Coronavirus competition curb hits Iliad in Italy, but helps at home
- Number portability down by as much as 63% under lockdown
- Challenger MNOs losing momentum, according to analysts
- Incumbents are 'double winners' as portability stalls
- Spain tweaks fixed and mobile portability regs
Lockdown in Western Europe is proving detrimental to competition in the telecoms space, hampering smaller players' ability to challenge the dominance of their larger rivals.
We all saw it coming.
When Spain moved to suspend number portability a month ago, just prior to lockdown, in a bid to help with social distancing and reduce pressure on telco customer service channels, it seemed clear that market minnow Masmovil would be the one to suffer most. The operator, which has proved an aggressive disruptor, in the M&A market as well as in pricing terms, outstripped the big three in number portability terms last year. Further, it was reportedly the only one of Spain's big fixed and mobile operators to oppose a voluntary suspension of portability, before the state stepped in.
Spanish regulator the CNMC has yet to publish any number portability data for 2020, so we'll have to wait a little longer to see exactly the impact on Masmovil. But new statistics from neighbouring markets indicate that it is indeed the challengers that are suffering from the current state of stasis in telecoms competition.
In a report shared by various news outlets this week, equity research firm Jefferies has drawn two early conclusions from analysis of mobile churn data in countries under lockdown: Operators are benefiting from the lower rate of churn in terms of reduced commercial cash costs, which could help them stick to free cash flow outlooks; and challenger operators are losing market share growth momentum, in that they are no longer poaching as many customers from their bigger rivals.
"Clearly, the challengers will benefit from lower commercial costs as well, but the incumbent operators are the 'double winners' (lower cost, less share loss)," Jefferies analysts wrote.
France's Iliad provides an interesting case in point.
The operator has commanded many column inches since it launched services in Italy almost exactly two years ago and began aggressively eating into the incumbents' market shares. It had racked up a share of 6.6%, excluding M2M, as of the end of last year, according to Agcom. The regulator's statistics show that Iliad's 3.2 percentage point market share gain over the previous 12 months came at the expense of market leader Wind Tre in particular, which shed 2.8 points of share, while TIM and Vodafone also lost ground.
The slower pace of mobile number portability during lockdown – in Italy porting was down by 59% in the 16 March-19 April period, according to Jefferies – is reversing that trend.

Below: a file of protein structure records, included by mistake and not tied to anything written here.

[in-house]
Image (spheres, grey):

"The notable beneficiary [of the portability reduction] appears to be Wind Tre, and to an extent also Telecom Italia and Vodafone, unsurprisingly at the expense of new entrant Iliad. We note the effect seemed to have somewhat of a run-up into the lockdown, but the trend changes further strengthened post-lockdown," the analysts concluded.
The pattern was similar in France, where portability between 3 March and 19 April fell by 63%. However, although Iliad's Free Mobile remains the market's smallest player, a renewed customer acquisition focus from Bouygues Telecom and Altice-owned SFR puts them in more of a challenger position. As such, Orange and Free Mobile are benefiting from reduced porting, since they had been losing customers to their rivals, while Bouygues and SFR had been achieving positive net ports; All are now moving to a neutral position, Jefferies' figures show.
Lack of porting data on the Spanish market means it is not covered by the Jefferies report, but it is logical to assume the pattern there will mirror Italy and France.
Spain's total ban on portability lasted until early April, when the CNMC introduced new rules to allow a limited amount of customer movement. In a nutshell, mobile operators are permitted to carry out number portability requests at 25% of their normal level, while fixed operators may port 50 numbers per day.
The impact of those limits will be visible when the regulator next produces market statistics, but it's safe to assume that the big three mobile operators are currently gaining some breathing room from Masmovil's various brands' price promotions and customer loyalty schemes.
And in the broader industry, data gleaned during lockdown and from the impact of the Covid-19 pandemic will keep analysts busy for years to come.
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